Chalk up one another big black mark against the
beleaguered 401(k). After 38 years, the state of Nebraska has recently jettisoned its version of the retirement plan, judging it a failure.
It's too early to gauge the reverberations from the Nebraska decision. But it could mark the quiet beginnings of a backlash against the notion, popularized over the past decade, that ordinary Americans should put on money manager hats and assume responsibility for their retirement security.
The Nebraska case shows the disastrous results of letting people manage their own retirement funds over the long term. The state began letting workers opt out of its traditional pension plan to invest in a defined-contribution plan back in 1964. By comparison, most company 401(k) plans have been in existence only since the 1990s. Until recently, a booming stock market has helped camouflage their flaws.
In the wake of nearly four decades' experience with the plans, Nebraska's decision offers proof that the average employee lacks the knowledge -- and perhaps just as important, the interest -- necessary to invest for retirement on their own. A state study conducted in 2000 found that over 30 years, the typical worker posted an average annual return of 6% to 7%. By comparison, money managers running the state's old-fashioned defined benefit plan boasted average returns of 11%.
People enrolled in the defined-benefit plan wouldn't actually get to take home that 11% return because their benefits would be based on their salaries and years of service. But the disparity highlights the problem in expecting bus drivers or schoolteachers to invest as effectively as professionals.
"The point is that the professional money manager -- i.e., our investment council -- had a better return than what the individual participant could realize by his own allocation of assets," says Anna Sullivan, executive director of the Nebraska retirement system.
Moreover, Nebraska state employees posted weak returns even though the state made plenty of efforts to help them invest wisely. In fact, they were better prepared to handle their responsibilities than the average 401(k) investor, who can count on little help from his employer.
The state required all employees to contribute money from of their monthly paychecks to invest in their retirement accounts. Factoring in state matching contributions, most workers contributed 10% to 11% of their income.
By comparison, employees of U.S. companies aren't required to invest anything at all in a retirement account. Though the average worker puts 5.3% of his paycheck into a 401(k), according to the Profitsharing/401(k) Council of America, 401(k) contribution rates vary widely.
Nebraska also tried to help workers learn about the stock market. They could take time off from work to attend daylong educational seminars. That's a far cry from the situation at most U.S. employers, which offer little or no financial advice.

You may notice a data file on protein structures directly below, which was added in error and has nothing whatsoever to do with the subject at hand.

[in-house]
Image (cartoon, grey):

Still, those efforts failed to spur much interest in investing among rank-and-file Nebraska workers. In fact, half of all money in workers' accounts ended up in the default investment (used for those who didn't specify any other option), a guaranteed investment contract (GIC) fund. And though the state offered 11 fund choices to make it easy for workers to diversify their accounts, 90% of the money went into only three funds.
As a result, mounting evidence showed that employees weren't benefiting from the plan. Because returns were so low, Nebraska administrators grew concerned that the state was wasting taxpayer money via matching contributions to workers' accounts, says state retirement system director Sullivan.
Though current employees can choose to stay in the 401(k)-style plan, starting in January new hires will have to enroll in a cash balance plan. (Cash balance plans are a variation on pension plans that allow workers to take accrued benefits with them if they leave a job before reaching retirement age).
The Cornhusker State: Setting the Trends?
It's not yet clear whether the Nebraska decision is a harbinger of a deeper backlash against 401(k) plans. But it offers an illuminating case study in the risks of giving investing responsibilities to workers. Forty years of lousy returns, under the best of conditions, don't speak well for 401(k)s.
For the near term, at least, Nebraska's move could forestall the spread of 401(k)-style plans among the nearly 5 million state employees nationwide.
Presently, almost all states still have old-fashioned pension plans. But recently Florida, which claims the fourth-biggest retirement system among the states, decided to offer workers the option of switching from its existing pension plan to a 401(k)-style plan. They'll be allowed to make their selection starting in June.
In the meantime, opponents of the shift are already arguing that many employees will reject the 401(k)-style plan. Of the roughly 1.5% of Florida employees who were allowed to vote early, nearly 90% opted for the pension plan.
To be sure, many of the people who voted early had worked for the state for a long time, so would be expected to support the option that rewards years of service. As a result, their votes aren't necessarily representative of what the final tally will be.
But the state's largest union says it's not surprised by the weak reception. In its view, most workers would lose out under a 401(k)-style plan.
"The fundamental reason is it doesn't guarantee retirement security," says Rich Ferlauto, director of pension investment policy for the American Federation of State, County and Municipal Employees. "The risk is totally placed on the employee, and there's no benefit they can rely on at retirement."